New GM study analyzes environmental impacts
Sep. 29, 2016
Ciliberto led the largest study of genetically modified crops and pesticide use to date, alongside Edward Perry of Kansas State University, David Hennessy of Michigan State University and GianCarlo Moschini of Iowa State University. The four economists studied annual data from more than 5,000 soybean and 5,000 corn farmers in the United States from 1998 to 2011, far exceeding previous studies that have been limited to one or two years of data.
“The fact that we have 14 years of farm-level data from farmers all over the U.S. makes this study very special,” Ciliberto says. “We have repeated observations of the same farmers and can see when they adopted genetically modified seeds and how that changed their use of chemicals.”
Since 2008, genetically engineered crops have accounted for more than 80 percent of corn and soybean crops planted in the United States. Maize seeds are modified with two genes: one kills insects that eat the seed and one allows the seed to tolerate glyphosate , a herbicide commonly used in weed killers like Roundup. Soybeans are modified with just one glyphosate-resistant gene.
Unsurprisingly, maize farmers who used the insect-resistant seeds used significantly less insecticide – about 11.2 percent less – than farmers who did not use genetically modified maize. The maize farmers also used 1.3 percent less herbicide over the 13-year period.
Soybean crops, on the other hand, saw a significant increase in herbicide use, with adopters of genetically modified crops using 28 percent more herbicides than non-adopters.
Ciliberto attributes this increase to the proliferation of glyphosate-resistant weeds.
“In the beginning, there was a reduction in herbicide use, but over time the use of chemicals increased because farmers were having to add new chemicals as weeds developed a resistance to glyphosate,” Ciliberto says.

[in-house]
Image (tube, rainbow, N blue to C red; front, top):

Maize farmers, he says, have not yet had to address the same level of resistance, in part because they did not adopt genetically modified crops as quickly as their counterparts in the soy industry. However, the study did find evidence that both maize and soybean farmers increased herbicide use during the last five years of the study, indicating that weed resistance is a growing problem for both groups.
From 2006 to 2011, the percentage of acres sprayed with only glyphosate shrunk from more than 70 percent to 41 percent for soybean farmers and from more than 40 percent to 19 percent for maize farmers. The decrease resulted from farmers having to resort to other chemicals as glyphosate-resistant weeds became more common.
“Evidence suggests that weeds are becoming more resistant and farmers are having to use additional chemicals, and more of them,” Ciliberto says.
Insects do not appear to have developed a similar resistance, in part because federal regulations require farmers to have a “safe haven” in their fields that is free of genetically modified crops. Insects and worms in those safe havens have no need to develop resistance, and because they interact and breed with insects in other parts of the field, they help prevent the development of resistant genes.
Despite the decrease in insecticide use, continued growth in herbicide use poses a significant environmental problem as large doses of the chemicals can harm biodiversity and increase water and air pollution.
Ciliberto and his colleagues measured the overall environmental impact of the changes in chemical use that have resulted from the adoption of genetically modified crops, using a measure called the environmental impact quotient, or EIQ, to account for chemicals’ impact on farmworkers, consumers and the environment. Comparing adopters to non-adopters, they found little change in the impact on farmworkers and consumers. However, the adoption of genetically modified soybeans correlated with a negative impact on the environment as increased herbicide use also increased contamination of local ecosystems.
Overall, Ciliberto says he was surprised by the extent to which herbicide use had increased and concerned about the potential environmental impact.
“I did not expect to see such a strong pattern,” he says.
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